I have a takamine acoustic guitar. Had it for about 6 months now and I started to notice string buzzing on the A and D strings exclusively and mainly only when using a capo.. The buzzing occurs when I am pounding the strings with a little bit of spunk and steady but percussive rythme.. I couldn't tell you at what fret the buzzing is occuring at but God it's rather annoying. I tried adjusting the truss rod releasing for more relief causing the neck to bow more getting the strings further away from the frets but still no go.. actually loosened the adjustment nut where it became tight so I was scared to turn it some more.. Anyway, I still have buzzing so I thought to myself thinking I may have too much relief and the A and D strings are vibrating so much and causing the problem I was trying to get rid of.. So I tightened the truss rod quite a bit (probably about 2 full turns I estimate), to the point where the adjustment became tight to tighten any further.. I then re-tuned the guitar and really didn't get any resolution. same buzzing.. Any ideas? Is the truss rod adjustment supposed to get tight in either direction? I don't want to break my guitar so I figured I'd post here and get some ideas.. I am using medium gauge string and change them ever few weeks..
Thanks in advance for any help offered.
Think about the what a cappo does, it pushes the strings down for you. Your fret board has a slightly round convex curve to it called the radius. The radius causes the cappo to push harder on the interior strings then it does on the outermost strings, because most cappos are one size fits all regardless of the curvature of the fretboard, so it will work on a 14" radius and a 7.5" radius, your tack has more of a rounded radius compounding the issue. It effected the A and D more because the G string is much smaller. I generally hang the cappo over the neck and at a slight backwards diagonal and this will often disperse the tension more evenly. However, you will notice more buzzing and increasingly worse action since you broke the truss rod.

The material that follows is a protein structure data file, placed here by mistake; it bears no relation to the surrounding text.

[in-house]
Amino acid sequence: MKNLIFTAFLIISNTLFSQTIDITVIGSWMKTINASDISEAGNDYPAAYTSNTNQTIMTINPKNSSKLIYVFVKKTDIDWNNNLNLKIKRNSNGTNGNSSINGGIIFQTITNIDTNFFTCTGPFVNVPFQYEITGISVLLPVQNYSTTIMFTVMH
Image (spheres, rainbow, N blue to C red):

One thing you may think about is the nut at the top of the neck, sometimes they start to wear and this can effect the hieght of the string. your 4th and 5th are wound so it makes since that they would eat the plastic in a "sawing" fashion. It's best to find where the buzz is at, I guess it could be problem with a fret. take your finger and go fret by fret, note by note down each of the problem strings, picking the string each time until you narrow down the problem. Also, recently I replaced the strings on my Martin, and had a terrible buzz, come to find out there was a defect in one of the new strings. so, you may get lucky and resolve the problem with some new strings.
Since you said the guitar is only like 6 months old, my first thought would be new strings and if you had put new strings on it was the gauge of the string lighter than what came on the guitar? If you havent changed strings that would be where I would look and at that point you can tap down any high frets that you may have
Yikes! Don't tap down any high frets, take your guitar to a luthier, not a blacksmith! Loose frets (it happens) can be reset, but high frets need to be polished.